Fire Protection Measures in Hospitals
When installing fire protection measures in hospitals, a significant level of care is required to ensure all safety regulations are met and there’s minimal risk for any patients, staff and visitors.
Hospitals create a great number of fire safety risks due to the fact they house many vulnerable people. It’s important to understand the potential fire hazards and difficulties during the evacuation process within a hospital environment.
As fire protection experts, we’ll give you an insight into the biggest fire hazards and fire protection measures in hospitals.
Fire Hazards in Hospitals
As complex buildings filled with medical equipment and potentially hazardous materials, hospitals pose a number of significant fire hazards that can threaten the safety of patients and staff alike. In line with the Regulatory Reform Order 2005 a “responsible person” should be assigned in each hospital to conduct a regular risk assessment of all the potential hazards. Some of the fire risks in hospitals include:
Kitchens often present a serious fire risk. From open flames to cooking fats, hospital kitchens are filled with potential fire starters, which is why it’s so essential to ensure that all kitchen equipment is regularly cleaned and inspected, and the kitchen itself is equipped with appropriate fire safety measures.
Fire safety is usually taken into consideration when designing hospital equipment, however, many of the materials used in medical facilities are combustible. Equipment such as oxygen tanks or gas cylinders should be stored and handled appropriately. For energy-intensive apparatuses protocols on electrical loading should be followed to avoid overloading the system.
Electrical Sockets or Cables
Due to the large amount of electrical equipment used in hospitals, there are various hazards involved that can be a potential cause of a fire. Faulty or worn wiring, overloaded electrics, and short-circuits are only a few of the significant fire risks.
More than two-thirds of NHS hospitals have completely banned smoking, but it still remains a substantial fire thread. Cigarette stubs that haven’t been put out correctly can be the cause of ashtray fires that can rapidly spread if not extinguished promptly.
Fire Protection Measures in Hospitals
All hospitals and healthcare buildings have to meet the Health Technical Memorandum (HTM) requirements on top of regular safety legislation. As part of that there are a number of fire protection measures that need to be put in place in hospitals. We’ll cover the key points briefly below, but you can read more detail in our article “Why Passive Fire Protection Has Never Been More Important in the Healthcare Sector“.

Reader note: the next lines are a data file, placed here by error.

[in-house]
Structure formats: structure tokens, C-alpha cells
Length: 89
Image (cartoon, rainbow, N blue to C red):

NHS fire doors must have a protection time of minimum 30 minutes, although this may be longer for areas where more time for evacuation is needed.
Regulations allow for fireproof doors to be made of various materials including timber, aluminium or steel as long as they accurately comply with the legislated protection grade.
They also have to be clearly labelled as fire doors and fitted with a self-closing mechanism in order to provide adequate fire compartmentation. Additionally any gaps between the door and its frame must be sealed with smoke seals to prevent toxic fumes and cold smoke from spreading in the event of a fire.
Take a look at “Fire Door Regulations: The Conclusive Handbook” to ensure you’re compliant.
Fire compartmentation is a vital part of a hospital’s passive fire protection system. The different areas of the hospital are divided into compartments that act as self-contained units via fire-resistant walls floors and ceilings in order to prevent fire from spreading laterally or vertically into other rooms.
To ensure the success of the compartmentation, there mustn’t be any gaps in the walls, above ceilings or doors in the hospital. Even the smallest gaps can allow smoke and fumes to pass easily, which is why the regulations state that it’s necessary to seal them using an appropriate fire-resistant material installed in line with the manufacturer’s installation instructions.
Adaston has experience with the remediation of fire stopping issues in the healthcare sector which is why we can understand the unique demands of a comprehensive fire stopping assessment in a high-risk setting such as a hospital. We can help ensure the passive fire protection of hospitals is adequately installed to the correct standards by conducting an inspection of the building to identify urgent issues and delivering a bespoke remediation strategy for any and all non-compliances.
You can view one of our successful projects for a newly-built two-storey community hospital. Our fire protection specialists are compliant with the latest industry standards and all works are covered under our third party accreditation IFC, so our clients can confidently trust us to protect their building from fire.
Contact us today to speak with one of our consultants and enquire about our services.
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